Trevor Schuh: [00:27:00] I do, and I had a few to choose from. This is this is one of the ones that I’ve seen as an aha moment for a lot of people. And I think it was one of my aha moments when I decided to get into this ministry. And there’s there’s a group in Brazil, I didn’t work with them directly, but they’re called the Canela. And there were two missionaries working with them, Bible translators, Jack and Jill PopChips, and they had been with them for about 20 years, had been trying to translate the Bible. And actually I mean, they did it. It was it was fantastic work. And but they struggled with the music. They tried to sing along. They tried to make something new happen, but they couldn’t figure it out. And so when I first heard a clip of the Canalis singing, I with my Western ears immediately thought, wow, this is not what I expected. This is nothing like I’ve ever heard in my life. These must not be the good singers. I mean, there’s no explanation. And so a lot of times now when we talk about this with churches or schools, whatever, we we play the clip and say, what do you think this sounds like? What do you think these lyrics are saying? Does it sound happy? Does it songs and what does it make you feel? And normally people say, oh, it sounds like a funeral dirge or something very sad happened. It’s a it’s a difficult thing. They say, well, maybe it’s just maybe it’s just kids who can’t sing well. And in fact, this was just this was their art form. And it was it’s actually very complex. And it just it’s on the cracks. It’s not on a normal piano, you know, a keyboard. It would be within the cracks that you wouldn’t necessarily notice. It just sounds out of tune, but it’s perfectly in tune. So Tom Avery, one of the forefathers of ethno arts, was brought in and he analyzed it and he put he had a whole software developed in order to analyze the melody and the harmony and figure out what’s allowed, what’s permissible, what’s not. And then he ended up in this situation, which we don’t always recommend. But in this situation, he wrote along with the translator about 20 original songs that were basically scripture in music. They brought them back to the tribe and they played them. And immediately everybody started singing along and harmonizing and improving it and changing the lyrics so that they were a little bit more natural. And it turned into such an amazing, amazing story. So the words of this song are actually it is God’s word that makes us so very happy.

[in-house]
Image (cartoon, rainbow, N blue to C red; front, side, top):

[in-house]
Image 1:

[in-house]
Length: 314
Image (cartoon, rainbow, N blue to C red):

Mindy Peterson: [00:29:41] Interesting that so many people listen to it and immediately thought of a funeral orders.
Trevor Schuh: [00:29:47] Yeah, it’s nothing like anything you’ve ever heard.